Review: Transformers Dark of the Moon

The first Transformers film was ugly, boring and witless. It was, though, positively jaunty compared to the second, which was like seeing the world from inside the head of a man who was just about to climb to the top of a clock tower with a loaded rifle – a desensitised vision that reduced humanity to soulless fodder.

I'd say it was among the most hateful films I've ever seen and some kind of artistic nadir for western civilisation.

But now here comes part three to tell you that there's a little spark of goodness in everybody – even Michael Bay. When reviewers slate big popular summer films people are apt to whine about them 'not being critic's films.'

Which is ridiculous: anyone who would want to get paid to watch films in this day and age must have a keen ap-preciation for Big Dumb Fun: it's just that maybe we are a bit picky. It has to Big and Dumb and Fun: not Big, Wilfully Pig Ignorant and Joyless.

The most infuriating thing about the first two Transformers films is that it seemed perverse that films about cars that turned into fighting robots and went around smashing stuff up weren't entertaining. How could that not be fun? It turns out that the formula didn't need that much tweaking to succeed.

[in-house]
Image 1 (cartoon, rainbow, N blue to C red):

In Transformers three the characters are caricatures as opposed to the reductive travesties of humanity that they were in the first two films. See, it's just a little change but it makes a world of difference.

Dark of the Moon puts you in a good mood right from the start with an opening half hour spent outlining a hokey conspiracy that ties the Transformers story in with the Apollo landings, the space race and Chernobyl. It wobbles a bit in the middle but makes up for it with spectacular action sequences.

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It's done on a ludicrous scale. I don't know what the budget for this was but it feels like twice the size of any pre-vious summer blockbuster. And the 3D? It actually makes a difference.

This is about as good a Transformers movie as we could have hoped for, which turns out to be pretty damn good.


Director: Michael Bay

With: Shia LaBeouf, Rosie Huntington-Whiteley, Josh Duhamel, John Turturro, Frances McDormand and John Malkovich

Length: 152 mins